At the 2005 Gold Cup in America, one afternoon when Stuart Baxter gave the squad a day off training to go shopping in Houston, Texas, Bhele again stood out from the rest. As his teammates went about buying themselves tech gadgets, fancy clothes and sneakers, he cut a lone figure going into kiddies’ shops. I could not help but follow him, keen to understand just why he was not going with the crowd.
“Journalist,” he said, “I have just become a father now and I need to get stuff for my child. I cannot be buying fancy stuff for myself.”
He left the shop with a bagful of children’s clothes. The smile of contentment that flickered across his face told the story of a young man at peace with transitioning into fatherhood.
Not that he couldn’t afford to buy himself fancy stuff. After all, he was a Europe-based player at the time, his massive talent and incredible work ethic having secured him a lucrative contract in the Italian Serie A. Nomvethe’s career has also seen him turn up in the Swedish and Danish leagues. He was a league champion in both countries.
Having previously turned out for Chiefs and won the PSL Footballer of the Year award with them, expectations were that he would rejoin Amakhosi on his brief return from Europe in 2006. But he opted for Pirates instead and had a short stint that had some suggesting he had seen better days. Nothing could have been further from the truth.
Bhele went back to Europe and had a great three-year spell with Aalborg BK, during which he won the Danish Superliga and even scored a penalty against Manchester City in a Uefa Cup game.
Flying close to the league with the Dube Birds
He later came back home and joined Moroka Swallows. In a team that most described as a “retirement village”, with no one tipping them to do much, he played an instrumental role in getting the Beautiful Birds painstakingly close to a league championship triumph.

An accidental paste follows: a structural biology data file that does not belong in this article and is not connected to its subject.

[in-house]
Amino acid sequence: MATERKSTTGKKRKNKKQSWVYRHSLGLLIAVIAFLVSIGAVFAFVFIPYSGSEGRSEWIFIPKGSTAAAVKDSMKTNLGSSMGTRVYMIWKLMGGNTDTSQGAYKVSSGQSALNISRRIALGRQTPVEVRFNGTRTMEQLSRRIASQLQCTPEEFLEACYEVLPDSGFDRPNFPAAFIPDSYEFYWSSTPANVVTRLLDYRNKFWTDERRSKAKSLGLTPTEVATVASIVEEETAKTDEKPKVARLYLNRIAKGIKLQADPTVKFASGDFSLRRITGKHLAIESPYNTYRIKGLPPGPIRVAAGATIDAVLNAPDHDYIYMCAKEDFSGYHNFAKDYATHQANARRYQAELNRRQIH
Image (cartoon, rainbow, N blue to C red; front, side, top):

That season, Swallows finished second behind Pirates, with the league title fight going down to the last day of the campaign. Bhele’s contribution was so immense that the then 34-year-old cleaned up at the PSL end-of-season awards ceremony. Bhele was named Footballer of the Year, Absa Premiership Player of the Season and Players’ Player of the Season. He also bagged the Lesley Manyathela Golden Boot for his 20 league goals.
He flashed that seemingly painful smile as he went up to the podium repeatedly to collect his gongs. The media attention he received afterwards took him out of his comfort zone. But he was a much more mature player than the young lad who had shut me out on the plane en-route to Norway 12 years earlier. The interview he gave me then was lengthy and full of meat.
It was in the season of Swallows’ relegation thereafter that one really got to see the consummate professional that is Nomvethe.
As Swallows stumbled about from match to match, struggling to put together positive results, his work ethic never waned and he continuously pushed to try and get that all important goal – the fact that his thirtysomething-year-old legs had had it notwithstanding.
During the play-offs against Jomo Cosmos and Black Leopards, when talk of his impending departure from the club surfaced, he flatly refused to discuss it, focusing instead on the job at hand and expressing his commitment to the Swallows cause.
He was a dejected figure deep in the bowels of the Dobsonville Stadium when Swallows’ demotion was confirmed, even though he was guaranteed to remain in the elite league because of the many clubs interested in his signature, even at his age.
Siyabonga, Bhele Nomvethe
That he ended up at his home club AmaZulu is now common knowledge and his exploits for an Usuthu side that has generally struggled have served to confirm his status as a true PSL legend.
He may never have won the Premiership title, but there can be no denying that Siyabonga Eugene Nomvethe is one of the best players to have ever graced the PSL fields. He is, in any case, the PSL’s leading all-time top scorer with 123 goals.
And his retirement after the match against Celtic on Saturday 11 May will leave the local game all the poorer. But for those of us who have had the privilege of not only watching him play but also interacting with him, we can only say siyabonga. Siyabonga Nomvethe… Siyabonga Mtembula, mavele nhlenhle, wena ongathixo siya emntwini. Thank you for putting a smile on our faces.